Come to me, all you who are weary and burdened, and I will give you rest. Take my yoke upon you and learn from me, for I am gentle and humble in heart, and you will find rest for your souls. For my yoke is easy and my burden is light.

I once had a discussion with God about this passage. In the midst of a season where He put particularly challenging tasks in my own path, I told Him I didn’t think His burdens were light and easy at all. In fact, I told Him His way was hard and His burdens heavy. It was only a moment after I had made this accusation of God where a revelation washed over me that our burdens are not light because we never have to do hard things — the hard things we do in obedience are what make our burden light.

Conversely, when we go our own way, however easier it may be in the moment, is when we collect heavy burdens that we do not have with Jesus (Psalm 84:10). As Thomas á Kempis is quoted as saying in this Transformation Garden devotional:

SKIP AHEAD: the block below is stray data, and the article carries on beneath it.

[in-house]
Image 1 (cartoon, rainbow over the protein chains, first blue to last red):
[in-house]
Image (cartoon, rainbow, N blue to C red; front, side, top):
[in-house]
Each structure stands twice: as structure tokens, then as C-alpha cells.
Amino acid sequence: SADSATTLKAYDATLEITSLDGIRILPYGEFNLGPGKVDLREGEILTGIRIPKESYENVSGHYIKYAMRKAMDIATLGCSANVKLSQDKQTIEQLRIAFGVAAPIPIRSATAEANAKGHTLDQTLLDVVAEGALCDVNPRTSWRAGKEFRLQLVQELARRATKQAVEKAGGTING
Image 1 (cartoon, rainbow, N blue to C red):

What can the world offer you without Jesus? To be without Jesus is a hell most grievous, to know Jesus the sweetness of heaven. If Jesus is with you, no enemy can harm you. Whoever finds Jesus, finds a rich treasure, and a good above every good. He who loses Jesus loses much indeed, and more than the whole world. Poorest of all is he who lives without Jesus, and richest of all is he, who stands in favor of Jesus.

3. God maps the course.

What we notice in the story is that the wise men weren’t responsible for the course, they were just responsible for following. If we commit our way to Him and continually seek His counsel, He will show us what path we should take. As Matthew Henry says, “There arises a day star in the hearts of those who seek Him.” Isaiah 30:21 says, “Whether you turn to the right or to the left, your ears will hear a voice behind you, saying, ‘This is the way; walk in it.’ “ (See my previous post on this topic.)